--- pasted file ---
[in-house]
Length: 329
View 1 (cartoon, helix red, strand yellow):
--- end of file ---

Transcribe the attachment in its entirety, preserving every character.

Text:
[in-house]
Length: 329
View 1 (cartoon, helix red, strand yellow):